“For God’s sake, Gregg, when will they stop tinkering?” So went a recent conversation with an adviser friend. We had begun on drawdown strategies and sustainable withdrawal rates (is 4 per cent too high?) but the televison screen in the corner had caught my friend’s eye. It is election time, after all.
My friend was talking about politicians, of course. The Chancellor’s Budget U-turn on the dividend allowance had vexed him in particular. Never mind the emergency taxation code applied by HM Revenue & Customs to cash accessed under pensions freedoms which vexed so many clients.
I had no good answer. Or rather, I had an answer, but not one he wanted to hear. The question, I said, is not whether changes in pensions and retirement regulation will continue but whether they will be in a major or minor key. This is because money talks, and pensions are expensive.
The size of the bill
More than £130bn of taxpayers money is spent on pensions and associated tax reliefs every year. Only healthcare consumes more of the national budget. With NHS spending rising inexorably, with increasing life expectancy and advances in medical technology, and social care spending likely to rise even faster from a lower base, the Government is going to have to look elsewhere for savings. Pensions fit the bill.
And not just this. With the number of pensioners in society rising faster than the growth of the working age population who pay their pensions (after all, in a pay-as-you-go unfunded state system every generation pays for the generation which went before), maintaining current levels of pensions expenditure becomes more of a challenge.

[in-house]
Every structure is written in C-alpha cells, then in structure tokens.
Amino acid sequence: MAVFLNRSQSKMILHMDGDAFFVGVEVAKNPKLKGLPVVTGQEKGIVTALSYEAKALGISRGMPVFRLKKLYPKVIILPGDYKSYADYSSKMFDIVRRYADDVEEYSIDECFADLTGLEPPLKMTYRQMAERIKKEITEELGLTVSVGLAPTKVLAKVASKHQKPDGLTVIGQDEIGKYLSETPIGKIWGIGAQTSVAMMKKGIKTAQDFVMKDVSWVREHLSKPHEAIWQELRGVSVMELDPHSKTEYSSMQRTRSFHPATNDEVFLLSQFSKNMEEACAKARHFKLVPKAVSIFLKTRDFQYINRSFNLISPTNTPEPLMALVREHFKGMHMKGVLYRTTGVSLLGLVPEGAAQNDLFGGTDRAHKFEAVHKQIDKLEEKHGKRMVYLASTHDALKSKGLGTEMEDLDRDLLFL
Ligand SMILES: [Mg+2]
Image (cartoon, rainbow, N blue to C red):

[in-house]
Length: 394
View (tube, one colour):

This is especially the case when immigration to the UK is expected to be lower in the future than in the past. For the last decade, EU migrants have swelled the ranks of the working population; their taxes easing the burden of UK PLC in paying pensions.
More than £130bn of taxpayers money is spent on pensions and associated tax reliefs every year. Only healthcare consumes more of the national budget.
At least this is how the Treasury sees it. In theory, the Department for Work and Pensions makes policy. In practice, since pensions are such a big ticket item, the Treasury is always involved. With the role of pensions minister in the DWP having been downgraded in the last Government reshuffle, the Treasury has an ever freer hand. A formidable institution, dominant across Whitehall, its role is simply to control public spending short, medium and long term. This is the lens through which it views pension policy.
What kind of cost control measures are we likely to see? That the past is no guide to the future is an investment mantra; in politics, though, it pays to look backwards as well as forwards. So further rises in state pension age, more changes to pension tax relief eligibility and the ending of the triple lock are obvious candidates.
Much, of course, will depend on the economy. If growth is strong, tax receipts rise. Benefits which looked unaffordable suddenly appear reasonable. Which brings me back to where I started. Money talks, and pensions are very expensive. Plan for the worst, hope for the best and expect more Treasury-driven changes.
Gregg McClymont is head of retirement savings at Aberdeen Asset Management